He gets to the forest just as his father does; the other village children in tow.
"Come on kids; down to the lake, hurry now," he says, ushering the slower children with his staff. "Jack, you know the way, right?"
"'Course!" Jack replies indignantly. "I only go there every other day."
John sighs. "Then lead them there while I take the back."
Jack nods and rushes to the front; nimbly hopping over fallen logs.
"Come on everybody! Should I turn this into a race?" he shouts, and the other kids rush forward with renewed energy. Jack stays ahead easily, only pausing to throw back taunts to spur them on when they run out of energy. In no time at all, the odd party reaches the lake, the stars reflecting off the clear, wave less surface.
Most of the children collapse on the shore, breath clouding above them. After counting to make sure everyone made it, John joins his son in looking up at the sky.
"There's no moon," Jack says after a moment.
John smiles; digging the butt of his staff into the ground and leaning against it. "How do you know? It could just not have risen yet."
Jack shakes his head, his chin bumping into Jane's head. "No. The moon's not going to appear tonight."
The pair falls into a comfortable silence. The wind whistles slightly, and Jack shifts his sister onto his other hip.
"Want me to take her?" John asks, letting his staff rest on his shoulder and holding out his hands.
"I'm fine. She's not that heavy."
"You got that right; you were twice her weight at that age."
Jack looks sharply up at his father. "What's that supposed to mean?!"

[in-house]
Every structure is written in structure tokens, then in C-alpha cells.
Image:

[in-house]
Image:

John throws his head back in laughter, smacking his knee at his son's facial expression.
"If I wasn't holding Jane I'd push you into the lake!" Jack threatens, stomping his feet.
"If anyone's going to be wet, it'll be you," John chuckles.
"Mind if I take you up on that promise?" a voice asks behind them before a pair of ashen hands grab Jack and chuck him into the air. His eyes widen in shock, and his mouth is open in a silent scream as he sails through the night. Instinctually curling himself around Jane; the pair splashes into the frigid water five meters from the shore.
"Jack!" John screams; taking a step forward before a dark blade is stabbed between his shoulder blades. He gasps in surprise, his eyes rolling back in his head before he collapses.
Jack's lungs feel like they're going to burst. He wonders for a wild moment how Jane's feel.
Jane! He thinks; forcing his numb legs to slice through the water, pushing his way towards what he hopes is the surface. Without the moon to shed its soft glow, the darkness under the lake looks the same as the air above it. Just when he's about to give up, his head breaks free of the heavy water, and he sucks in clean air. Dragging Jane up with him, he nearly faints as she sputters and coughs to clear her lungs. But his relief is short lived; her lips are already turning blue.